My boss used to be great with me, but recently he has seemed to feel differently about me, as though he doesn’t trust me. He will talk to other employees about work, but not include me in any of it. I asked one of my colleagues about this change in attitude and she told me that he thinks I am snitching on him. She told me not to tell anyone that she gave me that information.
I tried to talk to him, to find out more about it, but he wouldn’t even talk to me or listen to me. .
I do not know what to do to prove I am not a snitch. I do not know who spread this rumor about me or who is accusing me of it. Also I do not know how to deal with this thing.
Am I to work normally and do my tasks and ignore this issue which has surfaced and seems to be getting worse? Am I to fight for my reputation, which might lead to even more trouble? I feel like I am living in Hell, but I can’t easily leave my job. Thank you for your help!
Signed–Living in Hell
Dear Living in Hell:
Yes it’s miserable to feel you have lost the good relationship you had with your boss. And it is disturbing that a coworker has told you that your boss thinks you have snitched on him. My suggestions are no quick fix, but I hope they will enable you to manage your emotions that cause you to feel like living in hell.
- Take control of your emotions. Don’t allow this snitch rumor to play like a broken record. Coming to your job with this worry that your boss thinks you have said something against him repeating over and over in your head cannot but lessen the attention you give to doing your job. Now is a time you want to be at your best. You want your coworkers and boss to see a competent and reliable employee.
In last month’s Journal of Experimental Psychology: General, research asserts that people have more control over their emotions. For you even if this is only partly true, it means that you need not allow this fear that your boss sees you as a snitch make you a living in hell basket case. You say “I tried to discuss these things with him, but he even rejected to listen or discuss anything”, so now it is time to focus on doing what you are hired to do and to focus on ways to be seen by your boss and coworkers as adding value–by using time well, by cutting wasted supplies, wasted time, wasted energy and by one who exudes zest for living. Don’t dwell on the past. There will come a time to speak with your boss after a few weeks of concerted effort to be the kind of employee you would hire if you were boss. I don’t think this is a time to bypass your boss by taking this snitch rumor to your boss’s boss or to talk about it further.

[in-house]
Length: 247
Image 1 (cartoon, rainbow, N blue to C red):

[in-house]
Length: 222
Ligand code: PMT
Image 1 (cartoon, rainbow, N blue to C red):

- Become boss of yourself. Look in the mirror. Talk to yourself frankly. Realize that you know yourself better than anyone else, better than your boss and better than the coworker who told you your boss thinks you are a snitch. Looking in the mirror, add up the good things you have done that previously earned your pay and respect of your boss. Then review what might have caused a coworker to say your boss thinks you are a snitch–review it and realize there are many little things that could be interpreted and misinterpreted that way. Probably you have asked this coworker why she said your boss thinks you snitch. If she has no solid evidence to back up that snitch possibility, put it our of your mind. Don’t dwell on it. Admit you are not perfect and if you have gossiped about the boss in any way, you should admit it and apologize. If after this review, you honestly know you have not betrayed him in any way, put that snitch thought out of your mind, like any detective must do. Don’t dwell on it. You have Remember you are boss of yourself. You are in control.
- See this time as an opportunity–as a time to think through what can make you feel more secure rather than go to pieces fearing you might be fired from your job. This should be a time, to see this boss-rejection as merely a bum in the road. What might make you feel more secure? From a distance, of course there is no way I can know you; however, I can propose that you should realize you are more than your job. You are a person who has had enough good about you to be employed. You are a person who wants to be respected and liked. You are a person beyond a job–one who has a life outside of the workplace. You can sing along with a favorite song, can tutor a child, befriend a lonely person, can enjoy simple things like cooking or eating out, can workout or take a walk in the park, can be awed by the wonders of a flower, can commit time to making your little circle of the world better, and, use this upset, to plan how to get training that will make working other places want you. You are and can be a survivor. So put message to plays as a record in your head rather than the cracked snitch record.
Do any of these thoughts help you put this “live like hell” in perspective? Please know that I predict this unhappy time will pass and that you will feel better about your job. Working together with hands, head, and heart takes and makes big WEGOS. –William Gorden